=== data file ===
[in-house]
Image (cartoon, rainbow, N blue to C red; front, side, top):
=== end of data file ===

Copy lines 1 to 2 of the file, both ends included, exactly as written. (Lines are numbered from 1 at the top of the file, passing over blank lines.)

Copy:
[in-house]
Image (cartoon, rainbow, N blue to C red; front, side, top):